A leading international human rights group said Thursday that if genuine, unverified videos showing Ukrainian troops shooting Russian prisoners of war would depict war crimes, while calling on Ukraine to “ensure an effective investigation” into the alleged abuse.
Human Rights Watch (HRW) said in a statement that “if confirmed, the beating and shooting of captured combatants in their legs would constitute a war crime, and Ukraine needs to demonstrate that it is able and willing to prevent and punish serious violations of international humanitarian law.”
HRW senior legal adviser Aisling Reidy said that “all the information in the videos that suggests abuse, and maybe worse, of POWs needs to be subject to an effective investigation. It should be possible to verify if abuse took place, and from there to hold those responsible to account.”
Videos of possible Russian POW abuse by #Ukraine forces are credible enough to require an effective investigation. If confirmed, the abuse would amount to war crime.
— Human Rights Watch (@hrw) April 1, 2022
The incident appears to have occurred at a dairy farm in a village near Kharkiv two days after Ukrainian forces retook the area. The videos were posted on social media late last month. On March 28, Ukrainian journalist Yuri Butusov published video recorded at the same dairy farm showing the charred remains of what appeared to be people in Russian military uniforms. It is not known if they are the same soldiers who appeared in the previous videos.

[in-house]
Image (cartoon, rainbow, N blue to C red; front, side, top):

Ukrainian officials said the videos would be investigated. Security Service of Ukraine (SSU) published a statement suggesting the videos could be “directly managed by Russian special services,” and that prisoners of war taken by Ukrainian forces “are treated in accordance with the Geneva Convention.”
Russian “occupiers spread fakes to divert attention from their atrocities,” SSU said. “Russian fakes are similar to Russian TV series: cheap, vulgar, predictable, and with poor acting.”
However, experts consulted by HRW said the videos showing the men being shot were consistent with wounds caused by gunshots.
Olexiy Arestovych, an adviser to Ukrainian President Volodymyr Zelenskyy, said March 27 on Telegram that he “would like to remind all our military, civilian, and defense forces once again that the abuse of prisoners is a war crime that has no amnesty under military law and has no statute of limitations.”
Since invading Ukraine in late February, Russian forces have been accused of war crimes including bombing residential areas with cluster munitions; attacking humanitarian corridors and civilian infrastructure including homes, medical facilities, schools, and shelters; shooting unarmed civilians; torture; sex crimes; and kidnapping and forcibly deporting civilians.
International Criminal Court Prosecutor Karim A. A. Khan announced four days into the invasion that he was launching a probe of “alleged war crimes and crimes against humanity” committed in Ukraine.
Republished from CommonDreams.org under Creative Commons